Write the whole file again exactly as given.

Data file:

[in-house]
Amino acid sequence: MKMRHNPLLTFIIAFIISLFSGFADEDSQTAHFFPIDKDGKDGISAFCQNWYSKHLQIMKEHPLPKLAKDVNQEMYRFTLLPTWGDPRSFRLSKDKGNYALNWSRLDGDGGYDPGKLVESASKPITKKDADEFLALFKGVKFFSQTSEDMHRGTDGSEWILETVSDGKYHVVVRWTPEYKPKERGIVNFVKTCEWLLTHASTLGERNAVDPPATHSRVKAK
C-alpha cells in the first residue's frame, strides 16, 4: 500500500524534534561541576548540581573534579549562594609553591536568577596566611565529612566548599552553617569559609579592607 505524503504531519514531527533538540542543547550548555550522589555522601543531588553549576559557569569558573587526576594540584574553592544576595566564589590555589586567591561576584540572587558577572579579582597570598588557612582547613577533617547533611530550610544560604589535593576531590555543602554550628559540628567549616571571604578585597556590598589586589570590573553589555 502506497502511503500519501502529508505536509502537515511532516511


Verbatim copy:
[in-house]
Amino acid sequence: MKMRHNPLLTFIIAFIISLFSGFADEDSQTAHFFPIDKDGKDGISAFCQNWYSKHLQIMKEHPLPKLAKDVNQEMYRFTLLPTWGDPRSFRLSKDKGNYALNWSRLDGDGGYDPGKLVESASKPITKKDADEFLALFKGVKFFSQTSEDMHRGTDGSEWILETVSDGKYHVVVRWTPEYKPKERGIVNFVKTCEWLLTHASTLGERNAVDPPATHSRVKAK
C-alpha cells in the first residue's frame, strides 16, 4: 500500500524534534561541576548540581573534579549562594609553591536568577596566611565529612566548599552553617569559609579592607 505524503504531519514531527533538540542543547550548555550522589555522601543531588553549576559557569569558573587526576594540584574553592544576595566564589590555589586567591561576584540572587558577572579579582597570598588557612582547613577533617547533611530550610544560604589535593576531590555543602554550628559540628567549616571571604578585597556590598589586589570590573553589555 502506497502511503500519501502529508505536509502537515511532516511